Stay positive, don't give up, and just have fun with it.

OWI:

Operating While Intoxicated

Greg H.'s Comment
member avatar

My second suggestion is too really look at the people who are getting it. Watch their backs, ride with them if you can, take snip bits on how they do it and make it your own. Find the method that works for you, not anyone else! That was the hardest lesson I had to figure out. I let elder students run me over and made me step back a few days in progress.

Third, look up videos if you are visual learner. I looked up a lot of videos from reputable schools and watched their tips and tricks to figure out the best way to do each back. Do Ariel views too it helps. If you have a phone or something, down load a good simi trucking game with the general physics of backing and use that as a way to get a feel of the way you need to back.

Fourth, as my instructors would tell me all the time, "GET OUT OF CAR MODE!" make sure you always start your backs with "truck mode" in mind. Left to go right, right to go left. Offset was a pain because I would revert to car mode and go the wrong way.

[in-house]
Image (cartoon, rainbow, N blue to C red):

You will get it, don't give up on it. Use your situation and take its disadvantages and turn it into your advantages.

Good advice... fortunately I wasn't completely lost where it concerned backing. I grew up learning how to drive. My dad was good at showing me or letting me do stuff. I was driving a stick shift when I was 7 or 8 years old I think. I probably learned how to back a trailer around the same age. And I remember having the same problems you guys had or are having.

BUT, I was completely lost where it concerned driving a truck, on the most part. I knew nothing. I was learning from the ground up. And it did most definitely help me to watch others. And believe me, I watched intently.

Keep up the good work, you'll get it!

OWI:

Operating While Intoxicated

EPU:

Electric Auxiliary Power Units

Electric APUs have started gaining acceptance. These electric APUs use battery packs instead of the diesel engine on traditional APUs as a source of power. The APU's battery pack is charged when the truck is in motion. When the truck is idle, the stored energy in the battery pack is then used to power an air conditioner, heater, and other devices